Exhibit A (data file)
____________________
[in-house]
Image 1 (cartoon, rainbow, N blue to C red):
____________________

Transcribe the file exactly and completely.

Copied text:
[in-house]
Image 1 (cartoon, rainbow, N blue to C red):